Each year, it seems like one toy rises above the rest to become the must-have item for Christmas. Last year, it was Hatchimals. This year’s breakout toy, according to a market-research firm, will be L.O.L. Surprise! dolls.
The NPD Group released its annual list of the predicted fastest-selling toys for the 2017 holiday season and three of the top 10 are from the L.O.L. Surprise! brand: Dolls (1), Lil Sisters (3), and the Big Surprise Ball (8).
For anyone who is not eight years old reading, L.O.L. Surprise! dolls are three-inch figures that come inside an egg wrapped in layers of plastic. They cost less than $10 and are available in more than 45 styles that kids collect and trade. Each layer contains a surprise: a secret message, stickers, a bottle, shoes, outfit, fashion accessory, and a doll that can spit, cry, pee, or change color (you have to open the entire egg to find out what doll is inside).
The dolls have been hugely successful since MGA Entertainment (the manufacturer that makes Bratz and Little Tikes toys, among others) launched them late last year. Target sold out almost immediately during the 2016 holiday season. Sales increased 500% each week last December and more than 2.5 million had been sold as of April of this year, according to Forbes.
Kids are going so crazy to collect them that L.O.L. Suprise! dolls could be a crucial victory during a decidedly glum year for toy retailers. To understand why kids love these plastic dolls so much that stores literally can’t keep them on the shelves, you’ll need to understand two oddly specific yet wildly popular online obsessions of America’s kids: unboxing videos and surprise eggs.
Unboxing videos are the new commercials
L.O.L. Surprise! dolls were specifically created to be unboxed. In the age of the touchscreen, where any kid who can independently use their index finger has access to YouTube, toy unboxing videos have become an industry in of themselves, with an audience size similar to Taylor Swift and WWE in the US.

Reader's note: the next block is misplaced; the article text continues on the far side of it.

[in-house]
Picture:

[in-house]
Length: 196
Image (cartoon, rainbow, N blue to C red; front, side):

Typically, videos feature a pair of disembodied hands taking new toys out of their packaging and displaying them to the camera while giving a review. During the 2016 holiday season, Ryan ToysReview, a channel that features a six-year-old opening and playing with new toys, was the most popular YouTube channel in the US, and the second largest in the world.
The titles of popular videos are an exercise in the strange logic of SEO marketing aimed at toddlers: “Angry Birds Toy Surprise Jake NeverLand Pirates Disney Pixar Cars2 Spongebob Huevos Sorpresa” has 110 million views; “Play Doh Ice cream cupcakes playset playdough” has 855 million.
Experts speculate differently (paywall) about why unboxing videos are so popular. It could be about sharing in a fantasy, advertising-weary consumers seeking honest representation, aspirational thrill-seeking of a climactic moment, humanization of e-commerce, or simply pursuit of the raw pleasure that comes from opening a new item.
Enter L.O.L. Surprise! dolls, the toy that tells kids to “Unbox me!” right on the package. Every L.O.L. Surprise! doll offers a unique unboxing experience because of its layered unwrapping, which kids are encouraged to film and post to YouTube. The strategy was so successful that the company recently launched 15 unboxing video booths in the US where fans can buy dolls and create unboxing videos up to five minutes long so they too can “possibly become the next viral sensation.”
“I’ve been in the toy business for 37 years,” MGA CEO Isaac Larian told Forbes earlier this year. “There was a time you put the toy in a television commercial and that sold the toy. Those days are over.”
In a New York Times piece from 2014 (paywall), writer Mireille Silcoff, presciently declared that “surprise eggs… are the powerhouse plaything in children-oriented unboxings, the videos that seem to really go viral.”
If kids love videos of toys being unwrapped, then they especially love the toys in those videos to be surprise eggs. Ryan ToysReviews’ most-popular video, “HUGE EGGS SURPRISE TOYS CHALLENGE Inflatable water slide Disney Cars Toys Paw Patrol Spiderman” has almost a billion views. (Yes, a billion.)
On the Blu Toys Club Surprise channel, 157 million watched someone open 150 eggs with the same kinds of prizes inside you might get from a supermarket gumball machine. Check out any popular YouTube channel in the genre and you’ll find similar results: kids love toy-unboxing videos featuring eggs that have some element of “surprise,” no matter how mundane or banal that surprise may be.
So MGA’s affordable doll—which comes wrapped in its own surprise egg that’s meant to be hunted for, marveled over, collected, and shared—is a pretty good bet on success in today’s toy market.